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Safeguarding Athletes Online: Time For Action

Photo Credit: Ben Lumley

This week Jo Harten provided a frightening insight on living with social media abuse.

The Commonwealth Games Gold Medalist and GIANTS Netball star shared a direct message she had received on Instagram which read: “You are an ugly b**ch. You have a horrible attitude. Rot in hell. What a shame lost it for your whole team. pig!!!!!”

Jo Harten was brave enough to bring attention to this abuse by calling it out on social media. She was further supported by fellow athletes including England international, opponent and NPA Player Rep Vice Chair, Stacey Francis-Bayman:

It was only last month that the majority of the sporting world took part in a social media boycott against online abuse. A response to the ongoing and sustained discriminatory online abuse targeted at professional athletes and others in sport; abuse experienced while in their place of work. The charity Kick It Out reported that discrimination in football rose by 42% in 2019-20 and athletes across a variety of sports around the world have been speaking out about the experience of being targeted online and the impact of being exposed to toxic vitriol from the virtual stands.

Virtual abuse isn’t a new phenomenon, the most worrying aspect of this is just how common this type of abuse has become. In 2016, American golfer Paige Spiranac broke down during a live interview while talking about the abuse she was subjected to online after her performance at the 2015 Dubai Ladies Masters competition. She described the relentless barrage of vitriol she experienced through social media sites, which became a 24/7 outlet for hate by those who chose to target her online. In the aftermath, the 23-year-old athlete spoke openly of her thoughts of taking her own life and her experience of depression as a result of the abuse she was subjected to.

British tennis player Heather Watson also spoke openly of the abuse she faced which was racist, sexist and made threats toward her life. She explained how much of the abuse she experienced came from those who had gambled on her to win. Often the abuse targeting individuals threatens their physical safety and extends to threats made towards those closest to them, leaving them in fear.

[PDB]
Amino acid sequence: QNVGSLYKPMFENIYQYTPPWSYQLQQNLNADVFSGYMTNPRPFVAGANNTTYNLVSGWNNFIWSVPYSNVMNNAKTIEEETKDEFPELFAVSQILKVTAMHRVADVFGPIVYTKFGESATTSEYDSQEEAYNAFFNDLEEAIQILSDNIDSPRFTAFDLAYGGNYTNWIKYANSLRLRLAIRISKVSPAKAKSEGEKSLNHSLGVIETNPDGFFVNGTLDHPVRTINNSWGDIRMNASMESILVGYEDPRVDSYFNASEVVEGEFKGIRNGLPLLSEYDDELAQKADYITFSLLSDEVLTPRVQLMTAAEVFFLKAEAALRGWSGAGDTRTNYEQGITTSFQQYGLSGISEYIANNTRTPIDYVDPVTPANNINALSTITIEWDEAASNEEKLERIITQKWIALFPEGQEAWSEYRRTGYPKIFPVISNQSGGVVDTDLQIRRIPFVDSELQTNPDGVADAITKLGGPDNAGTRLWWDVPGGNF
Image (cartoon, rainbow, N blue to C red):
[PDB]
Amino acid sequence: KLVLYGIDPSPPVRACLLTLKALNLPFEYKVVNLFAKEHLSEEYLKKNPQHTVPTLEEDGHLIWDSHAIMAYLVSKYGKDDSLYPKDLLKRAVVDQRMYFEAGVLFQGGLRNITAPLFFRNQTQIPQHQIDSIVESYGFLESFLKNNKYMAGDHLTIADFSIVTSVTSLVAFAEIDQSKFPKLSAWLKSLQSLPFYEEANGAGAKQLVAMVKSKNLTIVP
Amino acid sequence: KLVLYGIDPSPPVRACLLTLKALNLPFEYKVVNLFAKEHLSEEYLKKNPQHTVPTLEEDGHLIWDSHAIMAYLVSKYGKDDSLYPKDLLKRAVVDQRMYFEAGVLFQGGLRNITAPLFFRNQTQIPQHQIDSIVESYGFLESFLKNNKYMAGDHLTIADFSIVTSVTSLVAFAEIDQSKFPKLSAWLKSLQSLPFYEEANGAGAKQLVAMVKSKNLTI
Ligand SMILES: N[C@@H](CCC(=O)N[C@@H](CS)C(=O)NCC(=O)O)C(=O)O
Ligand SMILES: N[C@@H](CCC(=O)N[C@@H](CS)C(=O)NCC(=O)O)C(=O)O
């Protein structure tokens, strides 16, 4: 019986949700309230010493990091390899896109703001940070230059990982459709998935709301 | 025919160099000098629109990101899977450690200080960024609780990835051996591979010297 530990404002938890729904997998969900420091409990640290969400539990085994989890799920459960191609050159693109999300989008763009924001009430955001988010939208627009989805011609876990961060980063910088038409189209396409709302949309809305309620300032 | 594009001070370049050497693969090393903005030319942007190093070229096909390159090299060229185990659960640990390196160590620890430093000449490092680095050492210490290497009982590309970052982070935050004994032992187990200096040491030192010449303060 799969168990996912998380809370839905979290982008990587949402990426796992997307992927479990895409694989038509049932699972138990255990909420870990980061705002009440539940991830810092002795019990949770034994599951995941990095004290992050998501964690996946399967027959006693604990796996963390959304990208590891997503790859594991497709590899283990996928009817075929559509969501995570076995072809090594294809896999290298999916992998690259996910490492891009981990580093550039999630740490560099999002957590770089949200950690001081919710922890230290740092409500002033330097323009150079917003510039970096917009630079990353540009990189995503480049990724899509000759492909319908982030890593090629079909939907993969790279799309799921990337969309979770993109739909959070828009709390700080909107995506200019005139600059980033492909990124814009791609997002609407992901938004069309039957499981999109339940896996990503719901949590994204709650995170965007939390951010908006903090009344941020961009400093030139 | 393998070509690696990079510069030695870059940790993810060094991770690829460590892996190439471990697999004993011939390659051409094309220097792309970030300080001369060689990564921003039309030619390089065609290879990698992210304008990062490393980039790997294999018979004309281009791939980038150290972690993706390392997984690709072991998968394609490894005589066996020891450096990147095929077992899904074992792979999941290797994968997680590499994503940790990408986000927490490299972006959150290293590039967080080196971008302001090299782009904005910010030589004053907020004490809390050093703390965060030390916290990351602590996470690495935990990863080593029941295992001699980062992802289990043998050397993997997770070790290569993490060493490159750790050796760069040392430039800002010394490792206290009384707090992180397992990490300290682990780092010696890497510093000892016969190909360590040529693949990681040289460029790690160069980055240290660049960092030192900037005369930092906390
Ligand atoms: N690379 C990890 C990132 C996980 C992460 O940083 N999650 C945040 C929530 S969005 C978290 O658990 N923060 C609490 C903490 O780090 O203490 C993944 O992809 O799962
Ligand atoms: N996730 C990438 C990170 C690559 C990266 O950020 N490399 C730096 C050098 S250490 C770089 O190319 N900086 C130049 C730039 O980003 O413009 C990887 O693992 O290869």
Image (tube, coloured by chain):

Naomi Osaka’s recent withdrawal from Roland Garros came as a result of her decision not to take part in press conferences during the tournament due to the significant impact of this media obligation on her mental health. She was subsequently fined £10,574 and threatened with expulsion as well as a future ban at other major events. While many have shown support and praise to Osaka for putting her health first, others have used this as an opportunity to chastise her across virtual platforms. The court of public opinion is unregulated in virtual spaces, a place where the behaviour and decisions of athletes are often placed under a microscope.

But how does such abuse have an impact on the person at the receiving end? As shown in the examples above it is not just athletic performance than can be affected. There is now a growing number of academic studies that collectively demonstrate how the suffering caused by violence experienced online is real, tangible, and embodied.

There are undoubtedly benefits for athletes owing to the rise of social media. Athletes are able to take some control, presenting themselves and promoting their own brand or sharing their private lives in their own way, rather than through traditional mainstream media coverage. This is particularly pertinent to athletes who for many reasons have remained under-represented in the media including female athletes, women with disabilities and women of colour. Yet the positive aspects of self-presentation online have the potential to be overwhelmed when it can result in athletes being the recipients of online hate.

It certainly takes bravery for athletes to be able to confront abusers or speak out about the hate they receive online. While there is a potential to witness shifting power dynamics whereby social media provides a space to rise up collectively and speak out about a range of social issues, these remain challenging spaces to navigate and stay safe.

As articulated by the Giants Netball General Manager Tim Underwood in reference to the abuse of Jo Harten, it is clear that athletes “deserve better".

“Jo is an experienced player who will no doubt move on quickly like the champion she is, but she’s done the right thing by calling this incident out.

“Not every athlete has the tools to deal with such vitriol and abuse like this can do serious damage to the mental wellbeing of athletes.

“No matter what you think of the athlete or the result, behaviour like this has no place in our game or in sport more broadly.”

It is certainly time to do more to protect the performers who we love to watch on our screens. So far, the human cost has been on the mental well-being of athletes, resulting in poor performance or withdrawal from the sport. We shouldn’t wait for a more tragic outcome in order to take this form of athlete abuse more seriously.

As part of our ongoing work with the PPF we are discussing with other Player Associations how to best support athletes who receive online abuseIf. If you have been affected by any of the issues raised in this blog, the NPA provides independent and confidential wellbeing support through a number of professional partnerships.

Written by Dr. Emma Kavanagh and Amy Cowd


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